Predicting the future is difficult — but not impossible, says Dr. Michio Kaku.
It helps, the renowned physicist told a crowd of more than 500 people at Valencia College, to know what scientific advances are right around the corner.
For instance, Kaku — host of several science TV series and documentaries — predicts that laptop computers and personal computers will eventually be found only in museums. That’s because in coming years, most of us will use our cell phones and disposable computers that we’ll toss out after a few uses, thanks to microchips that will cost about one cent.
In addition, we’re not far from a future in which we’ll wear special eyeglasses that will allow us to view the world with computerized information laid on top of what we’re looking at. Much like the scene in “The Terminator,” in which Arnold Schwarzenegger sees John Conner and his computerized eye layers John’s biographical information on top of his image. That kind of technology would prove useful, he said with a laugh, “when you’re looking for a job and you’re at a cocktail party and you want to know which bigwig to suck up to.”
How does Kaku know that these inventions are on the way? Thanks to his work for British Broadcasting Company and the Science Channel, Kaku gets to interview leading scientists around the country — and uses his books and TV shows to share their work. The U.S. Army, for instance, has already developed an “intelligent eyepiece” that flips down from a soldier’s helmet and feeds him information on the battlefield. Likewise, he has interviewed a scientist who is using tissue engineering to “grow” replacement heart valves for kids who have defective heart valves.
In his latest book, Physics of the Future: How Science will Change Daily Life by 2100, Kaku explores this territory. And at his speech, he painted a picture of a dramatically different world.
Within eight years, he says, Google executives believe they’ll have “driver-less cars” available for the mass market. These cars, which navigate by GPS, could eliminate traffic accidents, he said. “This car does not fall asleep, it does not get distracted, and it does not experience road rage,” Kaku said.
Cell phones will change too, and will feature flexible, intelligent screens — which are much bigger than current screens and will enable people with fat fingers to type better.
Worried about accidents and your ability to call for help? Not a problem. The clothes of the future will be embedded with computer chips that will notify 911 if you are knocked unconscious — and provide paramedics with your location and coordinates.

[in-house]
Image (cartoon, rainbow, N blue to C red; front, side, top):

Our homes will change too — with walls that are covered with smart wallpaper, which can serve as a changeable background, or a movie screen and enormous interactive monitor for Internet surfing. “You’ll go to the wallpaper and say, ‘I want to talk to a doctor.’ And it will produce a Robot Doctor who can answer most of your questions about 90 percent of the time,” Kaku said. Want a date on a Saturday night? Talk to the wallpaper, Kaku says.
“You’ll say, ‘Mirror, mirror on the wall. Who’s available?’ And the wall will contact other people who are also staring at their walls.
But the most profound revolution, he says, is bound to come in medicine and health care.
Already doctors are exploring the uses of “smart pills,” which could make the colonoscopy of the future as simple as swallowing a pill that contains a tiny video camera. Cancer treatment will change radically as doctors move away from chemotherapy and toward using nanoparticles that will hunt down and kill cancer cells in the body one by one. And even the toilets of the future will be smart enough to analyze a person’s urine and feces regularly — and will likely catch signs of disease long before symptoms appear.
Scientists are already using people’s tissues to grow skin for them, but in the future, if you need an organ transplant, doctors will grow a new one for you, using your own cells. “When people get arthritis in the future, we’ll grow new joints for them.” The technique is already being used for some organs and, next up, he said, is the liver.
And at some point, MRI machines will become so miniaturized that we’ll all own one the size of a cell phone — and keep it in our medicine cabinets!
Kaku, who appeared as part of Valencia’s Humanities Speakers Series, signed autographs after his speech — and more than 300 people waited in line for his autograph.
“I read his book, ‘Hyperspace,” when I was about 16 and it inspired me to study math,” said Valencia pre-engineering student Levar Burton. “So this was very exciting for me — to get a chance to meet someone who inspired me as a kid.”
Julio Gonzalez-Zuluaga, another pre-engineering student at Valencia, said he was more pessimistic about the future than Kaku, but still found his speech inspiring. “You need big ideas that are related to your coursework to help inspire you,” said Gonzalez-Zuluago. “There are times when you wonder if you’re going to be nothing more than a grunt engineer, but these ‘big ideas’ inspire you to hope that you may help develop some of this revolutionary technology.”
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